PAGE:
Microeconomic and Macroeconomic Determinants of Bank Profitability in Nigeria


Development of the banking sector and increasing importance of banks’ role in the economy has significantly led to an increase in bank-focused literature. To this end, this study investigated microeconomic (bank specific and industry-specific) and macroeconomic determinants of bank profitability in 16 Nigerian commercial banks for the period 2010 - 2014. Using the Pooled Ordinary Least Squares regression method, microeconomic factors (credit risk, capital adequacy, cost management efficiency, liquidity, size and market structure) and macroeconomic factors (gross domestic product and inflation) were regressed against two measures of bank profitability (net interest margin and return on average assets). The results indicated that size, cost management efficiency, bank liquidity and market structure are significant microeconomic determinants of Nigerian commercial banks’ profits while gross domestic product and inflation are the significant macroeconomic determinants with microeconomic factors having a higher explanatory power. Based on the findings, the study recommended that for Nigerian commercial banks’ earnings to improve, they should maintain a low cost profile, low liquidity level as well as growth in their operations. For policy makers and regulators in the industry, we recommended the sustainment of a low inflationary environment as well as growth in the economy for bank earnings to increase.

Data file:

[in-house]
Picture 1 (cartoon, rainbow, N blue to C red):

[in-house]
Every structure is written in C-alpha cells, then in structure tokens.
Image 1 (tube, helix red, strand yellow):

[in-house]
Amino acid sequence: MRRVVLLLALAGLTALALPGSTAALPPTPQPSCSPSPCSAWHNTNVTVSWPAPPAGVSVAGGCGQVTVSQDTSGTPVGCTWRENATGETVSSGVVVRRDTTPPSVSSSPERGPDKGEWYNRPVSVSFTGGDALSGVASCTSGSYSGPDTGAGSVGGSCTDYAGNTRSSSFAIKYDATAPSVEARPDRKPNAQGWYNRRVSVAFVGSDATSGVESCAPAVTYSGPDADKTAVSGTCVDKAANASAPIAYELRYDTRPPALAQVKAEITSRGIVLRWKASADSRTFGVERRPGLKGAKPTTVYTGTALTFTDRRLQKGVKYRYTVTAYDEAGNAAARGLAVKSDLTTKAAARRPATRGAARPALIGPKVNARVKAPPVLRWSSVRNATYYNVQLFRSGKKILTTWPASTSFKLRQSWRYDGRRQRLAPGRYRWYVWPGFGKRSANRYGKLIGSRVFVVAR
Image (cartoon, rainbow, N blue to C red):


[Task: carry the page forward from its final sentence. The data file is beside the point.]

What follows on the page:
Commercial banks, macroeconomics, Nigeria, panel data, profitability